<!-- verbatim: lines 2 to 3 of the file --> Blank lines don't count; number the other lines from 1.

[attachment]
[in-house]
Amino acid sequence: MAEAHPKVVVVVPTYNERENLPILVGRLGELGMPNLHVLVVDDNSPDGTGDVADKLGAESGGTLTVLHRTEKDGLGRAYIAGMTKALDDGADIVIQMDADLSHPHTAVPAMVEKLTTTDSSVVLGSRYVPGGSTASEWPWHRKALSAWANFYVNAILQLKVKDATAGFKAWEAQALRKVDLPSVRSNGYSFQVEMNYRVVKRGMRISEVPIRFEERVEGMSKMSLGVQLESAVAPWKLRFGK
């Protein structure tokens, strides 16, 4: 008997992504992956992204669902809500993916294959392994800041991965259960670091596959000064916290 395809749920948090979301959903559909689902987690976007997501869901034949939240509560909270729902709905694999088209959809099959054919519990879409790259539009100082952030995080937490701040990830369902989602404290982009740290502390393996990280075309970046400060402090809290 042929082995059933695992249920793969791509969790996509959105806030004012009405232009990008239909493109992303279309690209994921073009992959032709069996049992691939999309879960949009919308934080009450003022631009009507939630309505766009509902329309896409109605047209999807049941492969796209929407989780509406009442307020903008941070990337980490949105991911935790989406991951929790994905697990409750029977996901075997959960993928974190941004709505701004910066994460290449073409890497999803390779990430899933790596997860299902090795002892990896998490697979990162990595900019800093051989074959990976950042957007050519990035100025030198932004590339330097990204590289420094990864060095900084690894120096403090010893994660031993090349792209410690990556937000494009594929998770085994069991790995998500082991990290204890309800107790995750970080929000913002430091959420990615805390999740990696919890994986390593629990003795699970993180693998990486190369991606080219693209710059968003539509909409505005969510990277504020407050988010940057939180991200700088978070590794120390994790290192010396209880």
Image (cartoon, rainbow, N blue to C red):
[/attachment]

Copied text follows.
Amino acid sequence: MAEAHPKVVVVVPTYNERENLPILVGRLGELGMPNLHVLVVDDNSPDGTGDVADKLGAESGGTLTVLHRTEKDGLGRAYIAGMTKALDDGADIVIQMDADLSHPHTAVPAMVEKLTTTDSSVVLGSRYVPGGSTASEWPWHRKALSAWANFYVNAILQLKVKDATAGFKAWEAQALRKVDLPSVRSNGYSFQVEMNYRVVKRGMRISEVPIRFEERVEGMSKMSLGVQLESAVAPWKLRFGK
């Protein structure tokens, strides 16, 4: 008997992504992956992204669902809500993916294959392994800041991965259960670091596959000064916290 395809749920948090979301959903559909689902987690976007997501869901034949939240509560909270729902709905694999088209959809099959054919519990879409790259539009100082952030995080937490701040990830369902989602404290982009740290502390393996990280075309970046400060402090809290 042929082995059933695992249920793969791509969790996509959105806030004012009405232009990008239909493109992303279309690209994921073009992959032709069996049992691939999309879960949009919308934080009450003022631009009507939630309505766009509902329309896409109605047209999807049941492969796209929407989780509406009442307020903008941070990337980490949105991911935790989406991951929790994905697990409750029977996901075997959960993928974190941004709505701004910066994460290449073409890497999803390779990430899933790596997860299902090795002892990896998490697979990162990595900019800093051989074959990976950042957007050519990035100025030198932004590339330097990204590289420094990864060095900084690894120096403090010893994660031993090349792209410690990556937000494009594929998770085994069991790995998500082991990290204890309800107790995750970080929000913002430091959420990615805390999740990696919890994986390593629990003795699970993180693998990486190369991606080219693209710059968003539509909409505005969510990277504020407050988010940057939180991200700088978070590794120390994790290192010396209880």